Or was it? The possum was gone when I went out the next morning with more bottles. “Oh, good. Gary must have thrown him out” I thought, before moving on to my next task. At supper, I asked my husband what he did with it.

"Nothing. What are you talking about?”

"The possum. He’s not out there and I didn’t move him.”

In a flash, Gary was up and outside, perplexed. “Seriously. I didn’t move him. He was so dead. . .at least he looked dead! How did he manage to get out of that deep barrel?!?!?!” I guess we know why they call it “playing possum.” He sure fooled us. But still, I can't imagine he'll come back.

But that isn’t the end of the story. A mouse, with beady eyes rivaling the possums', took up residence in my kitchen cupboard. Even our cat, Juno, knew it was up there--and she didn't even see the all the droppings. She was on high alert the other night, staring at the cupboard while figuring a way to break through the door to make the catch. (Good kitty!) However, we took the human approach. . .a mousetrap with peanut butter. Risking smashed fingers if we absentmindedly reached for a Pop-tart on the second shelf, we figured the mouse was in the bag (or trap, in this case).

Sure enough. The mouse was dead as a doorknob by the next nightfall and he sure wasn't playing possum. Funny thing is, that trap never tripped. The mouse's hairy little body was draped unceremoniously over the cup tray's edge on the first shelf.  Did it have a heart attack? Did is die of old age? Was the Pop-Tart poisonous? Who knows?

Strange happenings. . .you might want to keep that in mind if you come around here.

Thursday, February 11, 2010

Publishing contract signed!

I am happy to announce that "Pace Yourself: 366 Devotions from the Daily Grind," has been accepted for publication by CrossHouse Publishing. The book is expected to be released in May 2010. I am very excited at the prospect of sharing this with all of you!

Here is your first taste, taken from the Introduction:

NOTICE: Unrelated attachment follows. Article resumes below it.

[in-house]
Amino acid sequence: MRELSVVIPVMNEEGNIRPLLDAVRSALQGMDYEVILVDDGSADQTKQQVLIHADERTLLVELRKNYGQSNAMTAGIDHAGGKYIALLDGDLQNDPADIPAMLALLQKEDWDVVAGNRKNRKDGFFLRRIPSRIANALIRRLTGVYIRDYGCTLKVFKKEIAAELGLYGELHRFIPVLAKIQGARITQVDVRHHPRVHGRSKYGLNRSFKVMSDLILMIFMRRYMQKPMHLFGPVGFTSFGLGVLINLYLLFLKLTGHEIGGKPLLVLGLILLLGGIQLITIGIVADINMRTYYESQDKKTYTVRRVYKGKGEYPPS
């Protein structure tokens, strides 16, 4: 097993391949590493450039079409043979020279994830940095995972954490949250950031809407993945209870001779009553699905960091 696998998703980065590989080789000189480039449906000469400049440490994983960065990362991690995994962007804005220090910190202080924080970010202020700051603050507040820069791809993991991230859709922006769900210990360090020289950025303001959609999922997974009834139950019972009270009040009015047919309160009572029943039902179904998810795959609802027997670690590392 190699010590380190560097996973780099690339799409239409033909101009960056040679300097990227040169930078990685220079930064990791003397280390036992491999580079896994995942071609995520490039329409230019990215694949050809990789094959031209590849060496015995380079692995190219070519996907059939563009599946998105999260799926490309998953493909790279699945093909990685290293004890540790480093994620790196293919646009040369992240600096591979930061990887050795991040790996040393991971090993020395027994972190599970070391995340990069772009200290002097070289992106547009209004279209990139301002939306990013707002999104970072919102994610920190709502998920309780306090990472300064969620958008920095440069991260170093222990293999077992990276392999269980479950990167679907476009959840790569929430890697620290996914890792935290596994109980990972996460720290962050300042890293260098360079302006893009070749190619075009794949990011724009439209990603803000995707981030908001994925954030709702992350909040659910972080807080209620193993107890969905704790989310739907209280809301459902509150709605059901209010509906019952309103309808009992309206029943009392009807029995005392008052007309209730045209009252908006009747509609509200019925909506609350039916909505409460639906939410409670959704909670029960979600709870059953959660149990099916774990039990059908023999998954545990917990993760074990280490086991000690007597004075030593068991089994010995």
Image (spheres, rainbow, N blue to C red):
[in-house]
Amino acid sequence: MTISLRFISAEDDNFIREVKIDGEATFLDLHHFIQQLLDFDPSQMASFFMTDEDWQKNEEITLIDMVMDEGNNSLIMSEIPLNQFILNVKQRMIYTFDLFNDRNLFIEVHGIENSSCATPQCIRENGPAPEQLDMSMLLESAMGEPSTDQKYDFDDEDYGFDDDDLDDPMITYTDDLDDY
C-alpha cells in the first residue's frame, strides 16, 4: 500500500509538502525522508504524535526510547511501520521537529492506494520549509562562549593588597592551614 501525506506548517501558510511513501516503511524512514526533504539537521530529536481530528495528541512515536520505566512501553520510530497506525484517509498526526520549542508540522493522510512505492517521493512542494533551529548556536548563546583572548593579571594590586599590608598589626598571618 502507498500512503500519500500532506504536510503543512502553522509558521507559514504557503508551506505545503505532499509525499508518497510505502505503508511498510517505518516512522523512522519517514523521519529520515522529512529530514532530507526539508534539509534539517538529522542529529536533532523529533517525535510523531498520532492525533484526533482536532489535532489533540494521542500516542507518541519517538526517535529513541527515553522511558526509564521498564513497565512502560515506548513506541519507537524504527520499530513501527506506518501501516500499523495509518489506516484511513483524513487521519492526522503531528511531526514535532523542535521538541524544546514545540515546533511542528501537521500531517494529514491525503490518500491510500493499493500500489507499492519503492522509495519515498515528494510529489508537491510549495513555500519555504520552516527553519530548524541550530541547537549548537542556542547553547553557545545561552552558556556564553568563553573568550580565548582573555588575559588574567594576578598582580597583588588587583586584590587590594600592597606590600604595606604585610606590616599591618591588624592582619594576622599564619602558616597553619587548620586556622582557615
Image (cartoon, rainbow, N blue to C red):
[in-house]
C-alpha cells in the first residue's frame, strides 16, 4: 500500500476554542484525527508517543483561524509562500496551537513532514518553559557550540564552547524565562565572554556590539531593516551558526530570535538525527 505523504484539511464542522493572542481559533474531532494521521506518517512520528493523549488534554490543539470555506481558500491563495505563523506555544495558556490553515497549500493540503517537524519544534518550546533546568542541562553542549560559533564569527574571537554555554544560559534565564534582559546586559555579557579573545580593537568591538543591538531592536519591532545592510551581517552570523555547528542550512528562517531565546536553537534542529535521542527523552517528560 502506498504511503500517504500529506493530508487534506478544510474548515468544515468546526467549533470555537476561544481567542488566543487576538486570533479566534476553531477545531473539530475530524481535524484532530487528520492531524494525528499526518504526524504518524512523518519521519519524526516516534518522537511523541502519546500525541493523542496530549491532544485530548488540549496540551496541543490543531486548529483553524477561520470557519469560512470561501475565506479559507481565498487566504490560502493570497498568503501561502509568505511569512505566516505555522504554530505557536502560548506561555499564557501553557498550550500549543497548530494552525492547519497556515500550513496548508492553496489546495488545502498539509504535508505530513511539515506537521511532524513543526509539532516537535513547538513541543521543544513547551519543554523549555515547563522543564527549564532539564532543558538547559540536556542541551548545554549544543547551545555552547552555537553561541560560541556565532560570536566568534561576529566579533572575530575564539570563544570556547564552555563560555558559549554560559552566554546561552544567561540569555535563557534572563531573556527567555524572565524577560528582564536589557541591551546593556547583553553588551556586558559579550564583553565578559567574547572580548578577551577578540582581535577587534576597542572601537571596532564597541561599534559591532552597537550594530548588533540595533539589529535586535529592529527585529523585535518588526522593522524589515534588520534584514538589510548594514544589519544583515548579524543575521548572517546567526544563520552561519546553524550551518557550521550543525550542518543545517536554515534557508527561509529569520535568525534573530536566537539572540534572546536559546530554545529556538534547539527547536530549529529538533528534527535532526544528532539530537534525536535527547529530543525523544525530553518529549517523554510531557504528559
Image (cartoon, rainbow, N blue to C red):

"Pulled from the recesses of a tiny closet tucked under the stairs, the simple cardboard boxes showed their age. Each, encrusted with a deep layer of dust, held valuable treasures unfitting such a humble hiding place. Choosing one, I gently blew the surface clean and pulled open the box flaps. Not yet wanting to disturb the contents, I sat up straighter in my cross-legged position and took it in before reaching to open the remaining boxes. There before me were hundreds of letters still in their faded envelopes, most written in the mid-1940s.  Each had been meticulously opened, none carelessly torn. Gingerly, I pulled one from a box and began to read.

Hours passed. My legs cramped and my hands and lap grew dirty from handling the old mail. But still, a life unfolded before me; a life I didn’t know. You see, these were the letters my Father had written in his college years. Long before the day of email and cell phones, he kept a steady flow of letters to his parents and chums back home. Like a ping-pong game, mail bounced in both directions. And somehow, each letter was saved and sealed into a box for safekeeping.

My Dad’s letters, written in that distinctive yet tiny penmanship, revealed a lot about his day to day life. He was a descriptive writer, sharing detail some might consider mundane. I learned about his classroom habits, I read about his play on the baseball field, I saw letters of acceptance into dental school and I viewed pictures of his pals. But more importantly, through his writing I came to understand his character. I could feel his joy and his disappointments. And, I sensed his strong and steady faith. Those boxes of letters became his life’s journal. I am forever grateful.

Now sixty-some years later, I take a similar path. Though without postage, I create my own journal; a collection of stories and experiences throughout a single year. Each entry is my letter sharing real life. Not life the way I wish it to be. Just plain life. Some entries may seem ordinary. Some extraordinary. But all are written with a singular purpose: To discipline myself to see God working everyday in every way.

I invite you to journey with me as I begin to train my mind to understand that this God of the vast universe is also the God of the smallest detail. I too often want a dramatic theological breakthrough but fail to see the lessons in pulling weeds or watching a simple sunrise. Come. Take a walk with me through 366-days of normal, ordinary life."

A walk in the park and a pink finish line

By the time I finish most races, I've figured out at least the first paragraph of my post-race story. This was one of the few where the ...